Minor Settlement and Port
Hamworthy was the site of an Iron Age settlement before it was taken over by the Romans in the 1st century. This settlement probably began life c.44AD as a supply port for Vespasian’s Legio II Augusta, at least the portion of it that was housed a couple of hours march to the north in the vexillation fortress at Lake Farm.
Though the legionaries departed for their new legionary fortress at Isca (Exeter, Devon) c.55AD, the port in Poole Harbour continued in use. Gaulish merchants traded goods from the continent for local wares, particularly salt which was made by evaporating seawater, also Kimmeridge Shale and Purbeck Limestone which was quarried just a few miles to the south-west. The minor Roman settlement nearby at Wareham on the west side of Poole Harbour, provided the manpower to quarry the stone and shale from the Isle of Purbeck.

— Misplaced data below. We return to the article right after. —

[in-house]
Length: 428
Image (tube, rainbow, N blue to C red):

The Romans made use of the harbour, and built a road from Hamworthy to Badbury Rings.
Excavations in 2000 near the shore in Hamworthy revealed two sets of double ditches at right angles to each other, protecting the port on the landward side and enclosing a building which may have been a barracks.
References for Hamworthy
- The Roman Invasion of Britain by Graham Webster (Batsford, London, 1993);
- Historical Map and Guide – Roman Britain by the Ordnance Survey (3rd, 4th & 5th eds., 1956, 1994 & 2001).
Roman Roads near Hamworthy
N (6) to Lake Farm